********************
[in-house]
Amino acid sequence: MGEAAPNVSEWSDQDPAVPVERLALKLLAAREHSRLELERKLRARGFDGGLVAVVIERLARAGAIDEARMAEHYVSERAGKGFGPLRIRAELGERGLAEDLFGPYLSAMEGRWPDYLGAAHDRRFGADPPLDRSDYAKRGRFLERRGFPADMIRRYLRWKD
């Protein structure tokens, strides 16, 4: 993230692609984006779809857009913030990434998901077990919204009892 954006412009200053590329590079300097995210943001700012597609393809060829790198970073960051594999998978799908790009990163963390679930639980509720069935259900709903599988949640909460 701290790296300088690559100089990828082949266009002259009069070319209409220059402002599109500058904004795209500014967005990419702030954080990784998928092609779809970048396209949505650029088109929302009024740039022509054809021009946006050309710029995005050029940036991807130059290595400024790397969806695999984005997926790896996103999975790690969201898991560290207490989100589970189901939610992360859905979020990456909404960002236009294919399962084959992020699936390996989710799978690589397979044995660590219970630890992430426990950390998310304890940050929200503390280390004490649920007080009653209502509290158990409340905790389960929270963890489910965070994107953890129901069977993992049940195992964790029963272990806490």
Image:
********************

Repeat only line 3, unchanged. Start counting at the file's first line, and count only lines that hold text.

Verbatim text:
């Protein structure tokens, strides 16, 4: 993230692609984006779809857009913030990434998901077990919204009892 954006412009200053590329590079300097995210943001700012597609393809060829790198970073960051594999998978799908790009990163963390679930639980509720069935259900709903599988949640909460 701290790296300088690559100089990828082949266009002259009069070319209409220059402002599109500058904004795209500014967005990419702030954080990784998928092609779809970048396209949505650029088109929302009024740039022509054809021009946006050309710029995005050029940036991807130059290595400024790397969806695999984005997926790896996103999975790690969201898991560290207490989100589970189901939610992360859905979020990456909404960002236009294919399962084959992020699936390996989710799978690589397979044995660590219970630890992430426990950390998310304890940050929200503390280390004490649920007080009653209502509290158990409340905790389960929270963890489910965070994107953890129901069977993992049940195992964790029963272990806490």